"Dr. Fauci recently noted that making the booster shot available to all is 'absolutely essential' to fighting this deadly virus - especially as people start to congregate indoors for holiday gatherings," she said. "I am strongly encouraging all New Yorkers who live or work in a high-risk setting to get the booster. I received the booster, and believe no one who feels they are at risk should be turned away from getting a COVID-19 booster shot. If you feel at risk, please get the booster."
Meanwhile in New Jersey, Gov. Phil Murphy all but approved booster shots for residents 18+ and acknowledged "that's the direction we are going to be headed."
He also encouraged residents who are six months out from their vaccine or two months out from the Johnson & Johnson vaccine and are over 18 to go get a booster.
Murphy said his state health officials have been cautious throughout the pandemic, but encouraged residents to "read between the lines, that's kind of what I'm saying today."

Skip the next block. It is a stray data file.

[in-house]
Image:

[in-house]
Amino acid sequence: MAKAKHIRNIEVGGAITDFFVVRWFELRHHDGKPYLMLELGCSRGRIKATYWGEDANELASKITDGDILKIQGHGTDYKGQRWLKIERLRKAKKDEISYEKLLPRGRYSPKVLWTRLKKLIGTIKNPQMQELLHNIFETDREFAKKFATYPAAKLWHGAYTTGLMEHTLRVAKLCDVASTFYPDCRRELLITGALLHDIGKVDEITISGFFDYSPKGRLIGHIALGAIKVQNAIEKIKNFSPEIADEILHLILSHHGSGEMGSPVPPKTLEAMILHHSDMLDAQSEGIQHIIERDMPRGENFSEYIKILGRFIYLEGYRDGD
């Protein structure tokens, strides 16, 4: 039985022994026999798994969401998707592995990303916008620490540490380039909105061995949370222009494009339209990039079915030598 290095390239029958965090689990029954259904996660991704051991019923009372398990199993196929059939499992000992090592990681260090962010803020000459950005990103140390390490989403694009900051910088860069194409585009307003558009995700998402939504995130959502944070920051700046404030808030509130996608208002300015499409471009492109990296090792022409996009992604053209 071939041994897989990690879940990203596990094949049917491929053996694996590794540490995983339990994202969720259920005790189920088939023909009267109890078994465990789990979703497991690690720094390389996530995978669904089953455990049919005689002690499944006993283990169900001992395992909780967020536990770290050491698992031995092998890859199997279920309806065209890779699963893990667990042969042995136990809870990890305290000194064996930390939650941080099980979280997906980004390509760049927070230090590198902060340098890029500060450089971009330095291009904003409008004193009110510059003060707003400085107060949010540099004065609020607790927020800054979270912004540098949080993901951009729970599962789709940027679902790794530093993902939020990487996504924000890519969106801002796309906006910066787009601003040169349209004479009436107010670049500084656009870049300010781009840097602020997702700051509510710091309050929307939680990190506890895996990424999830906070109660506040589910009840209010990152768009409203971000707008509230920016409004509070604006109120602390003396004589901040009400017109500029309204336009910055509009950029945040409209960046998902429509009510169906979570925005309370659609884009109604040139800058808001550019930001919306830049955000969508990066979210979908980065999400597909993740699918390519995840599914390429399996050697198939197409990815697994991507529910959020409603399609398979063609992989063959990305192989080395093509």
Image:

The city's final scheduled day of pop-up clinics at public schools for 5- to 11-year-old vaccinations is Monday, but Mayor Bill de Blasio announced "we will be doing more" school-based vaccinations, with details forthcoming.
"We will be announcing some additional steps in our school based vaccination effort this week," he said. "We love the fact that parents have decided this is a great place to get their kids vaccinated, so we will be doing more with our schools. And look, everyone, this is a time to focus even more intently on vaccination, of course, for the youngest New Yorkers, because it's new. Let's make sure every single child gets vaccinated. But let's go back on all the rest of us and make sure anyone not yet vaccinated gets vaccinated."